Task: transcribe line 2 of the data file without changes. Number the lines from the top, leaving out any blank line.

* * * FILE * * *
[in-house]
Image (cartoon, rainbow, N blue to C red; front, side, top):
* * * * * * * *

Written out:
Image (cartoon, rainbow, N blue to C red; front, side, top):